This was a profile of Fred Pearce written by Mary Neathey in about 1965 and published in the Outlook Magazine of the Thornbury and District Community Association.
Having watched — and interrupted — Fred Pearce at work, I know that the smithy in Crispin Lane is more than a place where horses are shod. It is a link between old and new Thornbury.
Fred Pearce joined Mr. 0. Higgins at the forge, as an apprentice at the outbreak of the first World War, when they turned out thousands of small tough shoes for the mules that were the pack-animals in the trenches. The forge had then been in existence on its present site for at least a hundred and fifty years, and work, when necessary, was taken outside and done in front of the high stone wall and double doors of ” The Crispin,” the pub from which the lane takes its name.
Mr. Pearce continued to work with Mr. Higgins until the latter retired shortly before the last war, when he took over the ownership of the smithy. The war halted the tide of mechanisation in agriculture, and so great was the amount of work that clopped, trundled and creaked into the smithy that Mr. Pearce had to be released from the Fire Brigade, in which he had served during the blitz on Bristol.
After the war the type of work gradually changed, and now, although he is an agricultural smith, he has contracts with the County Council and the Power Station. And is the answer to all problems of iron in Thornbury. During the time I was in the forge he found a new scraper for an old fashion range, removed rusty bolts from a gas-fire and was about to weld new hinges for a wrought iron gate.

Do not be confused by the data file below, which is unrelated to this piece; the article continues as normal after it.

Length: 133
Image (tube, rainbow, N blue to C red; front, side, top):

But in this great hunting country his main work is still with horses, not the heavy shires from the field but elegant hunters and small well-loved ponies. Under his expert hammer, the anvil bends lengths of iron into shoes of all shapes, sizes and thicknesses: conventional ones, a heart-shaped surgical one, and brushing shoes for the pigeon toed.
This big man his biceps are comparable in size to many men’s thighs – is well known over the county between Berkeley and Downend. Twice a week he goes to the kennels of the Berkeley Hunt, and at other times to those people who are unable to bring their horses to him. On these occasions he takes with him a portable forge as a substitute for the one that glows and leaps to life with the rhythm of the bellows in the smithy here in Thornbury.
I said earlier that Fred Pearce was a link between the old and the new in Thornbury. It is obvious that a man who has lived the greater part of his life here should hold the affection and trust of the older members of the community – Dr. Grace, whose hunters he shod, speaks highly of him – but in addition he has the gratitude and respect of generations of young riders who have brought their ponies to him, and he looks more kindly than some of his contemporaries on the influx of young people to the district and the revived interest in horses. In parenthesis I should like to say that he is concerned for the safety of the very young children who watch when he is shoeing and to ask parents to keep them at a safe distance.
Mr. Pearce is married with two sons, one of whom, Donald, works with his father. He and
his wife live in Castle Street and this Christmas, as happens every year, the house is
covered with cards and calendars from his past and present customers.